Do you have old seeds from last year and wonder if they are still good? Try this simple seed germination test to find out if they are viable. See how to test your old seeds so you don’t waste time and effort sowing seeds that won’t grow.
As I eagerly wait for spring, and the stores begin to roll out their spring gardening and seed starting supplies, I find myself drawn to the seed displays. Before I know it, I usually have a few packages in my hands to purchase. Sometimes I end up with duplicate packages of seeds.
How Long Will Seeds Last?
Luckily, depending on how the seeds are stored, most seeds can last several seasons or more. Seeds do lose potency over time and will have a decreased germination rate the older they are. Some seeds like onions and parsnips are not likely to sprout a second year. Even if they do germinate, they may not have the vigor to produce healthy plants like when they were new. When in doubt, it is best to purchase fresh seeds rather than jeopardize your crop’s success.
The seed viability list below will give you a general idea how long vegetable seeds will last:
- 1 Year: Leeks, onions, parsnips, and scallions
- 2-3 Years: Arugula, beans, carrots, celeriac, celery, corn, eggplant, lettuce, okra, peas, peppers, and spinach
- 3-4 Years: Artichokes, beets, broccoli, Brussels sprouts, cabbage, cauliflower, collards, kale, kohlrabi, mustard, pumpkin, radish, rutabagas, summer squash, Swiss chard, and winter squash
- 5-6 Years: Cucumbers, melons, tomatoes, turnips, and watermelons
Use this chart just as a guideline though. I have experienced onion seeds still sprouting after three years and lettuce seeds only lasting over one year. It all depends on the quality of seeds and how they are stored.
How to Store Seeds
Seeds will last longer if they are stored in a cool, dry, and dark location. Ideal temperatures are between 40 and 50˚F. I place my seeds in zipper bags and store them in plastic shoe box totes in a dim corner of the basement away from the furnace. If rodents are a problem, you can store seed packets in sealed glass jars.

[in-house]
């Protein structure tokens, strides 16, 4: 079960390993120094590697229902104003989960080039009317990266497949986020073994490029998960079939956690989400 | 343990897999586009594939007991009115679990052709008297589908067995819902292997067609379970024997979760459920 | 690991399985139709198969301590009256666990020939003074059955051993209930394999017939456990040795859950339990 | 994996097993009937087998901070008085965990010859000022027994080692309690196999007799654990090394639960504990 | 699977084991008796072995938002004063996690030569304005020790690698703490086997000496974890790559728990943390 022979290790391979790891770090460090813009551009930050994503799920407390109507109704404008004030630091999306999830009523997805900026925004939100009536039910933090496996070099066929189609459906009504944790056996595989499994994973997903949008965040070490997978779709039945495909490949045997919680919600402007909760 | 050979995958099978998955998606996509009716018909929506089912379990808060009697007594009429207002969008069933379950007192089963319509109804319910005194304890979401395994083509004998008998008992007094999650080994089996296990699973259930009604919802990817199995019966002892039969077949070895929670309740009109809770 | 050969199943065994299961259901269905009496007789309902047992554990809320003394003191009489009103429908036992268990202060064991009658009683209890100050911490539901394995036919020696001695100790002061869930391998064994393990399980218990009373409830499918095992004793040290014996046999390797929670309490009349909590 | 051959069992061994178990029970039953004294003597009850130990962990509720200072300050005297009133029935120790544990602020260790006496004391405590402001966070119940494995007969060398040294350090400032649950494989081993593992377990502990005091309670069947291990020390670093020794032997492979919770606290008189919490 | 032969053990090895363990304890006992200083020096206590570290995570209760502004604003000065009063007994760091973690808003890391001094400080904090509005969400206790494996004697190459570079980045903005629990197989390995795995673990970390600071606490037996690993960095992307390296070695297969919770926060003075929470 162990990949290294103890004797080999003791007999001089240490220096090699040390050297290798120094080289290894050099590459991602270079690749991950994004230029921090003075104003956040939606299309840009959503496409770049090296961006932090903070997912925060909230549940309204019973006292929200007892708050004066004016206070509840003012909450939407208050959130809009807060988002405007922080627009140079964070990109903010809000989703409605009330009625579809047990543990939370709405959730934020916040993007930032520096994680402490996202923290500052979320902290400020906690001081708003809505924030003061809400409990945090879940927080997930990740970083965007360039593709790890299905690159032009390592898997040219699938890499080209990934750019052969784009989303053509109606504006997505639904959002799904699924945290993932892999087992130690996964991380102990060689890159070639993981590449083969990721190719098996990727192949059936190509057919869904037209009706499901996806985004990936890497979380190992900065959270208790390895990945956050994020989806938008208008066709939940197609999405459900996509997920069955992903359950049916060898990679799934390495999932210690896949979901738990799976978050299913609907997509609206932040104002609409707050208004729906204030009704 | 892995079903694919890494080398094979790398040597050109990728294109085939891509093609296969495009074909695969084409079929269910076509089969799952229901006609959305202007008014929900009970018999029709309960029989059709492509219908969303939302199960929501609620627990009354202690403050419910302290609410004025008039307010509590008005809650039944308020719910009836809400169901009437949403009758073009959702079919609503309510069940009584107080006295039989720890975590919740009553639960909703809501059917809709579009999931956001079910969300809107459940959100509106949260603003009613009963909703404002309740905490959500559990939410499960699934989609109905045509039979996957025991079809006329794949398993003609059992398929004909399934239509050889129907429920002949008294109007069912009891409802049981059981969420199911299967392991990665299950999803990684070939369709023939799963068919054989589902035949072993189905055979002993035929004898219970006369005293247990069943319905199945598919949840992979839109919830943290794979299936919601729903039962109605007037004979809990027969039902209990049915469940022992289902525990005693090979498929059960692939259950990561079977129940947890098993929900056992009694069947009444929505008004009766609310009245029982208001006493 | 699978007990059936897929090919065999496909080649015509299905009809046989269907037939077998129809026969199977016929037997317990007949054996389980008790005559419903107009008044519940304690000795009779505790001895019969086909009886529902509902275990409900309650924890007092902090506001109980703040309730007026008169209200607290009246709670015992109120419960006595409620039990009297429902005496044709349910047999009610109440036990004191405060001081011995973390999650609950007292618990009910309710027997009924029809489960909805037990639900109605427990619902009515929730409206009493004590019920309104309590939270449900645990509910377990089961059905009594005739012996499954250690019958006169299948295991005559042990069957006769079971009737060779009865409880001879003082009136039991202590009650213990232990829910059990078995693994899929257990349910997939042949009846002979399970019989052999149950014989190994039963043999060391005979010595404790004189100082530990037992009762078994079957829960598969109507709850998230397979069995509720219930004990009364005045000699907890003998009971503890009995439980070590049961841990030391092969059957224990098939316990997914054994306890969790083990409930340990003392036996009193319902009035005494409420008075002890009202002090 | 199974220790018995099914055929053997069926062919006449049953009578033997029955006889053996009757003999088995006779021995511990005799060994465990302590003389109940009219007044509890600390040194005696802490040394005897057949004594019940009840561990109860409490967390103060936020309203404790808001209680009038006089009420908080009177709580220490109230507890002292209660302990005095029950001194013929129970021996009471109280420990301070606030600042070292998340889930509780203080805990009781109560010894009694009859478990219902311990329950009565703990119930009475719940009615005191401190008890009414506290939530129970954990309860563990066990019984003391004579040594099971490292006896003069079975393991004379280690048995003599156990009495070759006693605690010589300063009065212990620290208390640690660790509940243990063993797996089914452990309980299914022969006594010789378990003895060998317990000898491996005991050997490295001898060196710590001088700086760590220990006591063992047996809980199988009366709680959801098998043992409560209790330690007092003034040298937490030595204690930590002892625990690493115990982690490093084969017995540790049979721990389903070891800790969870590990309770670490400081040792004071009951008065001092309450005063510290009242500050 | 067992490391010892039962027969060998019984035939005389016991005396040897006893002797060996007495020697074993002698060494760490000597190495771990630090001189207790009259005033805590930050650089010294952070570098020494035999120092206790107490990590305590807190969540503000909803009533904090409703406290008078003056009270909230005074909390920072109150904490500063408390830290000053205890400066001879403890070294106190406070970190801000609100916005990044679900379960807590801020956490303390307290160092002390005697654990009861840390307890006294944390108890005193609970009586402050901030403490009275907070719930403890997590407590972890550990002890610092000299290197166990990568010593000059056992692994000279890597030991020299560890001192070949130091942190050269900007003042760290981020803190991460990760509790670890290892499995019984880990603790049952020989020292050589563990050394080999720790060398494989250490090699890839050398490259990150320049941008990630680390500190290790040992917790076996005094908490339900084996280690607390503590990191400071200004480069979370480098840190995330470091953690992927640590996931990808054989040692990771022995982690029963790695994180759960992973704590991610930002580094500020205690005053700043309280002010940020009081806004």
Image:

How to Do a Seed Germination Test
Before you throw those old seed packages away, test them to see if they are still viable using this simple germination test. Follow these steps to test your seeds to see if they will sprout:
Step 1: Gather Your Supplies
You will need plain paper towels cut in half, plastic zipper bags, a bowl of water, a marking pen, and seeds to test.
Step 2: Introduce the Seeds to Moisture
- Moisten a paper towel by dipping it into the bowl of water and squeezing out the excess moisture. The paper towel should be damp, but not dripping wet.
- Spread the damp paper towel out on a clean surface and fold in half.
- Select at least ten seeds from the package you are testing.
- Spread the seeds out on one-half of the towel, so they are not touching.
Step 3: Package Up the Seeds
- Fold the damp paper towel in half sandwiching the seeds between the two layers. Press down gently to make sure seeds come in contact with the moist paper towel.
- Place the paper towel and seeds in a zipper bag and seal it to keep it from drying out.
- Mark the bag with the date and variety of seed. Place the zipper bag in a warm place away from direct sunlight.
- Every three days, check to see if the seeds have sprouted. Re-moisten the paper towel if it dries out.
Step 4: Assess the Seed Germination Percentage
After the predicted germination period, count the seeds that successfully sprouted and calculate the percentage that germinated out of the total tested. Example: if 9 out of 10 seeds sprout, you have 90% germination rate.
If the germination is greater than five sprouted seeds (50% percent) I will use the seeds knowing that I will have to pre-sprout the seeds or sow a little heavier to make up for the lower germination rate.
I take the test further by planting the seeds that germinate so I can observe the seedlings as they grow. If the plants are slow to grow or not healthy looking, I will throw them out and buy a fresh package. I want my seedlings to have the best shot at success.
After this simple, quick test, you will know if you need to buy new seed because the leftover seed will not sprout, or if you need to plant heavier to make up for the reduced viability.
Now that you have tested your seeds, you are ready to make a seed list and plan your garden.
You May Also Like:
- How to Organize Seeds and Make a Seed List
- How to Make a Seed Starting Schedule
- 10 Steps to Starting Seedlings Indoors
Good planning is key to a successful vegetable garden
Whether you are new to growing your own food or have been growing a vegetable garden for years, you will benefit from some planning each year. You will find everything you need to organize and plan your vegetable garden in my PDF eBook, Grow a Good Life Guide to Planning Your Vegetable Garden.